The fundie has one thing right – unbelievers do not want to be bound to the laws and rules of a deity they don’t believe it. Nor should they be. The fundie would not want to be bound to Islamic law, and why should he be? He does not live in the USA, but if he did, he would be entirely free to practice his beliefs. He would not be free to impose those views on others and the reality is, he is whinging that he is not allowed to.

Another problem is that while she does not want to live under what she terms to be ‘Christian’ laws, she is forcing Christians to live under her laws or what laws she seems should be in place. Why should Christians have to live solely under secular laws?

The Christian is part of the public, they pay taxes and they have the right to say how a nation is governed. Government is not a secular monopoly. Yet, that author has no problem silencing the voices of Christians because she wants to do what she wants.

Not only is that selfish behavior, but it is also destructive action as well. She doesn’t like a law so she forces everyone else to live by her demands and desires. She calls for the separation of church and state yet, a secular only government has failed the people of all nations for 6000+ years.

Why shouldn’t the laws of a nation founded on secular principles be secular?! Furthermore, how are Christians unable to practice their beliefs in the USA, under the Constitution? Answer: it makes no difference. The Christian can practice their faith, the Jew and the Muslim and the Sikh and the Buddhist and all the followers of every religion can practice their faith. All of them are expected to obey the laws of the country, which are in place to ensure everyone is treated the same. Why the fundie feels that Christians should receive special privileges is beyond me – after all, the Jew and the Muslim and the Sikh and the Buddhist and all the followers of every religion pay taxes as well, as do atheists and agnostics, so why does the fundie think it reasonable to silence all of them?

I’d also like to know what he is referring to when he says secular governments have failed people for thousands of years?

She seems to be blind to the fact of what happens under communism, dictatorships, and totalitarian governments. Millions of people lose their rights and suffer the consequences. No Christian law has her losing her life on a whim.

It is only when they commit a horrific crime that unbelievers are put to death. No Christian law has them punished for being an unbeliever.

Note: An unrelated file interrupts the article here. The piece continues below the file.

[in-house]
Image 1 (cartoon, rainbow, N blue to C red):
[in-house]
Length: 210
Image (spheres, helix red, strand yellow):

Is it only about death though, dear fundie? No. Besides, the Old Testament includes the death penalty for talking back to one’s parents, so can we rely upon Christianity to form the basis of laws that everyone has to live by? Not really.

Under a Christian theocracy, would same-sex couples be allowed to marry? No. Most same-sex couples would be non-believers, so this would be a direct affront to their rights. Under a Christian theocracy, would Muslims be allowed to publicly practice their beliefs? What would become of women’s rights and freedoms? The bottom line is that any form of theocracy cannot fairly represent everyone. That’s why it is not reasonable to force religious laws down people’s throats.

One of the reason Europeans came to this country some 400+ years ago was to escape religious persecution.

Her distortion of history does not go unnoticed. The pilgrims and other people who left Europe were mainly Christians and they were the ones that suffered the persecution. They were not the persecutors.

They went to a new land to have religious freedom not to escape religion or laws. Every society needs laws and unknown to that author almost all nations’ laws are based in some part on the Bible and its rules. Not all laws but the important ones.

Remarkable. The fundie is completely ignorant of the history here. Many Europeans were Christians yes, and they fled Europe for religious freedom – because of persecution from other Christians! So that means that Christians were also the persecutors! To quote from this article:

The religious persecution that drove settlers from Europe to the British North American colonies sprang from the conviction, held by Protestants and Catholics alike, that uniformity of religion must exist in any given society. This conviction rested on the belief that there was one true religion and that it was the duty of the civil authorities to impose it, forcibly if necessary, in the interest of saving the souls of all citizens. Nonconformists could expect no mercy and might be executed as heretics. 

There’s more, and it’s more of the same non-sensical, illogical, strawman fallacies, which you can read at this link. I have to wonder if the fundie will ever drop his rhetoric, and practice his religion correctly.